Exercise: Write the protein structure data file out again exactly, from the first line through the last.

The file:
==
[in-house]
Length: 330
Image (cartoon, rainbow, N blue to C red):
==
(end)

[in-house]
Length: 330
Image (cartoon, rainbow, N blue to C red):